When Amy was younger, she recalls speaking on the phone, pretending to be her mother so that people would take her mother more seriously. At one point Amy called a stockbroker for her mother and demanded money for an overdue claim only for her mother to go to New York and have him be astonished at the difference of the languages. To everyone else her mother’s broken language was considered useless and wouldn’t get her anywhere. More recent in the story Tan states: her mother had been diagnosed with a benign brain tumor and when she went to the doctor's office, the CAT scan was lost and no one seemed concerned with her need to understand her prognosis—having lost a husband and son, both to brain tumors (14). When her daughter came to translate her mother’s broken English everyone was much more amiable with Amy than they had been with her mother: promises were made and apologies were graciously bestowed. In both cases, the perception based on her mother's "limited" English gave people the idea that Amy's mother wasn't very bright, or worse, was not worth their time. This is the sociological aspect of language meaning how people judge others by the way they speak.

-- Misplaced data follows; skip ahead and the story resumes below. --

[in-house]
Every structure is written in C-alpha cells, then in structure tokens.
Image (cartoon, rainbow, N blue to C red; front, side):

In contrast, the author notes that the language her mother speaks is very different than American English, but that it is deceiving in that her mother understands more than one might think: “You should know that my mother's expressive command of English belies how much